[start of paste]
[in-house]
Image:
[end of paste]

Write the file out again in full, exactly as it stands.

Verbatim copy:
[in-house]
Image: